The danger [of the animated flashcard system] is obvious: it invites to learn on autopilot, which doesn’t work. If we could only find a way to stimulate a more conscious approach and combine it with your charming idea we could make progress. Maybe more text will help since that isn’t procedural and can provide helpful cues.

I couldn’t agree more with the assertion that “learning on autopilot doesn’t work” (although I also disagree with this notion, but I’ll come back to that). In fact, learning on autopilot, i.e. passive learning, is almost a contradiction in terms. Temposchlucker suggests learning needs a  “more conscious approach”, and I think he hits the nail on the head. However, we need to pin down precisely what we mean by conscious learning, and to that end I would like to make a couple of suggestions to prompt a debate.

When you hear “conscious” learning, you may think of a learner who’s alert rather than tired, who does things thoughtfully rather than mechanically, whose mind is present rather than absent. This is certainly a crucial, if very basic, requirement to learning: do not let yourself be distracted — focus, concentrate, switch the TV off.

Having said that, conscious learning requires much more than mere attention. In two recent posts (here and here), Temposchlucker suggests that the chief characteristic of conscious learning is what he calls “feedback”. He defines “feedback” as “the correction of errors with consciousness of sufficient intensity”. While I strongly agree that feedback is key to successful learning, I think our definition of feedback must encompass much more than “correction of errors with consciousness”, and I shall argue this point on the basis of the following premise: learning is about achievement and recall, that is to say, learning means acquiring a skill and being able to remember how to use that skill at a later point. Without recall, acquiring a skill is useless, and recall of something other than skill (e.g. “I totally remember this endgame position from Silman, but I don’t remember how to play it) is also useless. With this in mind, let’s see if we can get a better grip on the concept of feedback.

First: how do we achieve the acquisition of skill? The single most important thing is, perhaps, being capable of articulating what the skill is. That’s why teachers are so useful: not because they are good at something, but because they know what exactly they are good at and are able to tell you. (That’s also why grandmasters can be lousy teachers.) Of course, not all skills are equally easy to articulate, especially at a higher level when skill becomes a matter of experience more than anything else. Nonetheless, for successful learning it is paramount that the learner gets a basic idea of what it is he or she is learning, and a simple label (e.g. “I’m learning tactics”, “I’m learning the endgame”) doesn’t suffice. “Idea” is the key word here: learners have to understand how and why people who have already mastered a skill use it in practice, and they have to have that understanding from the start. Having been introduced to a new skill, learners ought to ask themselves, “Do I get the basic idea?”, and if they feel confident in answering yes, they can proceed. If not, they should either return to the initial explanation or try to figure out the idea from the material that’s presented next. But they should not leave an exercise or chapter or game without getting the idea in the mistaken belief they have learned something.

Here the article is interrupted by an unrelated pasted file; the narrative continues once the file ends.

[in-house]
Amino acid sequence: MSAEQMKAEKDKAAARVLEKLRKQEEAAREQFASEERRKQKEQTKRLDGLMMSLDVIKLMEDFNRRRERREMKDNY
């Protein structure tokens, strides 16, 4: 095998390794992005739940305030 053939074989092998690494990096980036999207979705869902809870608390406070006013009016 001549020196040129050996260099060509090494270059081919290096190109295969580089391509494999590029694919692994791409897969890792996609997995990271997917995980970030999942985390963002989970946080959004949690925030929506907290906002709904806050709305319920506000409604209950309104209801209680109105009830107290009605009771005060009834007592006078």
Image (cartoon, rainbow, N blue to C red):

Second: how do we achieve recall? To answer this question, let’s consider the difference between adult learners and infant or adolescent learners. Temposchlucker posits that adult learners must use feedback to compensate for their lack of the “higher consciousness” that’s found in younger learners.  I’m no expert on child learning, but I think Temposchlucker is on to something here. Part of the reason why children are better learners, I believe, has to do with the fact that their brains aren’t as cluttered yet with conscious worries about survival and social interaction; they have an intuitive grasp of these things, no doubt, but they are not necessarily aware of them on a conscious level. This frees resources for learning. Secondly, children have no “expert structure” in place to sieve new information. On the one hand, this prevents them from learning more complex and advanced material. But on the other hand, they encounter the material that’s within their reach as genuinely new and genuinely fascinating, and this makes the learning experience much more memorable. In addition, they do not impose an expert structure on the material they are learning; their structure is much more malleable (perhaps right down to the actual plasticity of their brains) and responds much more flexibly and receptively to new learning matter. (Of course, this is mostly speculation on my part. I have no actual research to back this up.)

So to return to our question: how can adult learners achieve and improve recall? A simple answer is: repetition. No matter how you learn something, if you do not use it repeatedly or do not recall it for an extended period of time, chances are you will forget. That’s life. So repetition is key to learning, but it isn’t enough. You have to be able to recall a skill when it is needed. In other words, you need to know when a particular skill is useful. This is why knowing your skill is so important: you have to be able to contextualise it while you’re learning it, otherwise you won’t know when to use it once you’re actually playing a game, or worse, you won’t think of the skill at all during your game because it doesn’t occur to you to use it to begin with.